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She-Hulk fixes one Superhero problem

She-Hulk loved the show through and through. The roughhousing she received is what makes the MCU special.



Spoilers for the first episode of She-Hulk follow.

An invigorating change of pace, She-Hulk: Attorney at Law addresses a significant issue plaguing the MCU’s superhero canon. When Jennifer Walters and her cousin Bruce Banner are thrown off the road by a UFO and are engaged in a terrible car accident, Jennifer’s world is flipped upside down. Jennifer risks having her blood tainted by Bruce’s when she donates to rescue him. Because of the exposure to alien DNA, she has become the Hulk.

In order to assist Jennifer learn to control her abilities, Bruce transports her to his underground lab on a Mexican island. But Jennifer is a quick study, and she has already mastered the art of rage management thanks to her constant encounters with the patriarchy as a woman merely trying to succeed in the world. In contrast to Hulk’s She-Hulk alter persona, Jennifer is still herself during her transformation, much like Smart Hulk. Jennifer thinks she can return to her regular life because she has grown up emotionally, but Bruce has different ideas.

But Jennifer has no desire to join the ranks of the superheroes. She would rather be a lawyer and help others, she says. After all, Jennifer is still making payments on the substantial sum she borrowed to go law school. Jennifer, like many other great heroes, didn’t ask to be given her abilities, but she also doesn’t want to be a hero. Jennifer is furious because having powers evidently means she has no choice of her own future, while Bruce argues that the fact that she can transform into the Hulk implies she has a civil obligation to protect humanity with her cruel and green talents.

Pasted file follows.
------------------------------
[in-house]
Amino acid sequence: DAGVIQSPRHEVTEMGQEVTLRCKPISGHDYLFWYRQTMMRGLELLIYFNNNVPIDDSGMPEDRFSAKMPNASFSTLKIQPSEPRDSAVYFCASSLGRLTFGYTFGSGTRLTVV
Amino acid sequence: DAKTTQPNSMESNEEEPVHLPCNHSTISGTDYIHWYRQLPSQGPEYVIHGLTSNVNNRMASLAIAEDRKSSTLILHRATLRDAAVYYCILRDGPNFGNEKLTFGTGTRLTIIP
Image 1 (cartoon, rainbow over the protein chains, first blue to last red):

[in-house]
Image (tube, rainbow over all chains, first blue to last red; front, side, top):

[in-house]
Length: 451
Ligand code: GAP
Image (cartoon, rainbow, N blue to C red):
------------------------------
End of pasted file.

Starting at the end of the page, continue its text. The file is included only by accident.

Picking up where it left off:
As to Why She-Hulk Doesn’t Wish to Join the Avengers

She-Hulk is condescending toward the superhuman community and argues that Bruce’s identity as the Hulk separates him from society. Indeed, it is a severe criticism, but one that is not without merit. Jennifer doesn’t want to sacrifice herself for the greater good lest she be killed for it, therefore she says no to being a hero. The Hulk enjoys his role in the Avengers, but he has trouble understanding Jennifer’s perspective since he interprets her refusal to accept responsibility for the world as a rejection of her. Her disdain for the Avengers is not borne of any sense of superiority, but rather of a desire to escape the genre’s hypermasculinity and patriarchal bias. Because she is a woman, Jennifer has had to work twice as hard to become successful in the male-dominated area of law. It’s understandable that she initially rebels against the idea that her life no longer belongs to her.

After almost a decade of Marvel Cinematic Universe films and TV shows, She-Hulk finally bucks the trend of the overeager superhero. The MCU has yet to follow a character with powers who openly rejects the world of superheroes and supervillains, while some heroes like Ant-Man begin as reluctant heroes. The change is welcome. While Jennifer may be sceptical about the Avengers, her desire to serve others remains undimmed. Simply put, she wants to help others in the way that the law allows. Jennifer’s unorthodox view of heroes in She-Hulk: Attorney at Law, the final show of Phase 4, is proof that the MCU still has surprises in store for its viewers.

She-Hulk season two premieres every Thursday on Disney+.

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